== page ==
Create Negative, Blur, and Rotate Image Effects Using the HTML5 Canvas

Monday Feb 18th 2013 by Rob Gravelle

The HTML5 Canvas element has given Web developers the ability to affect images in the browser much like expensive graphics software like Photoshop. Rob Gravelle shows how to utilize the HTML5 canvas to achieve Negative, Blur, and Rotate effects.


The HTML Canvas element has given Web developers the ability to affect images in the browser much like expensive graphics software like Photoshop, all without altering the original file. In the Display Images in Black & White Using the HTML5 Canvas article, we saw how to create a really good grayscale effect using a canvas and bit of JavaScript code. Today we're going to look at not one, but three awesome effects: Negative, Blur, and Rotate.

Negative Effect

The negative effect reproduces the look of a film negative. If you've never seen a film negative, there are lots of examples on Google. That effect can be achieved digitally by iterating over all of the pixels in the image and inverting the red, green, and blue components by subtracting each component from the max color value of 255. If you compare the following code to that of the grayscale() method that I introduced in the Display Images in Black & White Using the HTML5 Canvas article, you'll notice that they are quite similar; it's really just a different algorithm being applied to the pixels:

  /* grayscale loop (for comparison)
  for (var i = 0, n = pixels.length; i < n; i += 4) {
  	var grayscale = pixels[i] * .3 + pixels[i+1] * .59 + pixels[i+2] * .11;
  	pixels[i  ] = grayscale; 	// red
  	pixels[i+1] = grayscale; 	// green
  	pixels[i+2] = grayscale; 	// blue
  	//pixels[i+3]              is alpha
  } */
 function negative(imageObj, context, canvas){
    var destX = 0;
    var destY = 0;
    context.drawImage(imageObj, destX, destY);
    var imageData = context.getImageData(0, 0, canvas.width, canvas.height);
    var pixels =;
    for (var i = 0; i < pixels.length; i += 4) {
        pixels[i]   = 255 - pixels[i];   // red
        pixels[i+1] = 255 - pixels[i+1]; // green
        pixels[i+2] = 255 - pixels[i+2]; // blue
        // i+3 is alpha (the fourth element)
    // overwrite original image
    context.putImageData(imageData, 0, 0);

 //add the function call in the imageObj.onload
  imageObj.onload = function(){
      context.drawImage(imageObj, destX, destY);
      negative(imageObj, context, canvas);

Here is the result:

Blur Effect

Like the grayscale effect, there are a lot of ways to achieve blurring of an image. One fairly easy approach is to overlay eight instances of the image over the original, each with 1/8th of full opacity. The images are placed around the original image like a square filter, giving the impression that the image has been blurred. The browser can create the overlays fast enough to make this solution much faster than attempting to write an algorithm in JavaScript:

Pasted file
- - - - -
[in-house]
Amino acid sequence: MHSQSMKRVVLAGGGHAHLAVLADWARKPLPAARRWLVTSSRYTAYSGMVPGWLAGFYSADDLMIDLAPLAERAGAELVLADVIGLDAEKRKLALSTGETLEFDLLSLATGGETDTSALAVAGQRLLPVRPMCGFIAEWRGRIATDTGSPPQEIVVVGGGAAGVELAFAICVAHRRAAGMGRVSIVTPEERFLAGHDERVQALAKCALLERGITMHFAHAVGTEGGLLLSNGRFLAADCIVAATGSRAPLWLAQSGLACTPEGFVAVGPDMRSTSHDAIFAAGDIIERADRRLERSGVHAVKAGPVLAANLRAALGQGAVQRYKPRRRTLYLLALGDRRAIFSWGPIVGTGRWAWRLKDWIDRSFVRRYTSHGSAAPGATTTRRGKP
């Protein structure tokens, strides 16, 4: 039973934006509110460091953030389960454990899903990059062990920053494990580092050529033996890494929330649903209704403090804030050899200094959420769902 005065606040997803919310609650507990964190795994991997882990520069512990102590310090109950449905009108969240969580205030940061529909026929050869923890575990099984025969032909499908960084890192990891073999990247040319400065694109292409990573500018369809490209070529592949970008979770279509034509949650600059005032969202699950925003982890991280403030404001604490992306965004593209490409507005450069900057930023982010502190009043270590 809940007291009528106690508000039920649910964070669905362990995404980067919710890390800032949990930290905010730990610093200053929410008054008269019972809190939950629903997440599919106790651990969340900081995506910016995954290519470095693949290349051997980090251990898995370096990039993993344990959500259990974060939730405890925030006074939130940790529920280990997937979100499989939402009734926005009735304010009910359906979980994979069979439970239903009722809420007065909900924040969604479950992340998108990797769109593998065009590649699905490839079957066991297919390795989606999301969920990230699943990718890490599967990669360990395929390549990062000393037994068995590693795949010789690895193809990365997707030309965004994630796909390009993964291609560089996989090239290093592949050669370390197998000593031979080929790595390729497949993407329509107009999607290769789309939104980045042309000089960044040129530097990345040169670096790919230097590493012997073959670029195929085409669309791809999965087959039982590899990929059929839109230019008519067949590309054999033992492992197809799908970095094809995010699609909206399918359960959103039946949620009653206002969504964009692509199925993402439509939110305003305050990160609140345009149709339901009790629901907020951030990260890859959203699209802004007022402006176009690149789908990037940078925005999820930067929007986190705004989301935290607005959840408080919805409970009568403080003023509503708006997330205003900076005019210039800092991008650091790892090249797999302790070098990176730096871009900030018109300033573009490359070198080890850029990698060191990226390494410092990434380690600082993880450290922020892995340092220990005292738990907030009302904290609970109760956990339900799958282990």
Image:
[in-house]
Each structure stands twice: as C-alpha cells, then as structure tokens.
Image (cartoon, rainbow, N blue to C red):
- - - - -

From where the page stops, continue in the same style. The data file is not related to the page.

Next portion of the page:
function blur(imageObj, context, passes) {
  var i, x, y;
  passes = passes || 4;
  context.globalAlpha = 0.125;
  // Loop for each blur pass.
  for (i = 1; i <= passes; i++) {
    for (y = -1; y < 2; y++) {
      for (x = -1; x < 2; x++) {
          context.drawImage(imageObj, x, y);
  context.globalAlpha = 1.0;

//add the function call in the imageObj.onload
imageObj.onload = function(){
  blur(imageObj, context);

Image Rotation

OK, maybe this isn't an effect in the literal sense of the word, but it does manipulate image pixels to create one that differs from the original. Besides, how can you discount the usefulness of giving people the ability to rotate an image at will?

As explained by James Litten, rotating an image is not a simple process:

When you perform a transformation, the entire context's coordinate system is transformed. After transforming, you often want the coordinate system to be back to normal for your next step. Reversing the transformation by using another transformation is a dicey affair and can easily introduce small errors that add up quickly. It's easier to simply save the normal starting coordinate system as a saved drawing state and then after we do our transformation and wish to have a normal coordinate system as opposed to our newly transformed one, we simply restore the state we saved before transforming.

Those are achieved using the and context.restore() methods respectively.

Like all rotation operations, there needs to be a center pivot to refer to. It's set to the center of the image using the context.translate() method. The actual rotation is easily enough done due to the fact that the context object has a rotate() method. Once the image has been rotated, you still need to reverse translate the coordinates back because the image has to be rendered from the 0,0 point.

The last step is to pop the last saved drawing state off of the drawing state stack via the context.restore() method:

btnRotate.onclick = function() {
  var value = rotator.value;
  with (context) {
    translate(imageObj.width/2, imageObj.height/2);
    rotate(value * Math.PI / 180);
    translate(-(imageObj.height/2), -(imageObj.height/2));
    drawImage(imageObj, 0, 0, imageObj.width, imageObj.height);

Here's an example of an image turned upside-down:

Here is today's demo file.


I should mention that the above effects can be combined to create all sorts of neat tricks. Moreover, you can tweak existing algorithms to come up with something altogether your own.

Rob Gravelle resides in Ottawa, Canada, and is the founder of Rob has built systems for Intelligence-related organizations such as Canada Border Services, CSIS as well as for numerous commercial businesses. Email Rob to receive a free estimate on your software project. Should you hire Rob and his firm, you'll receive 15% off for mentioning that you heard about it here!

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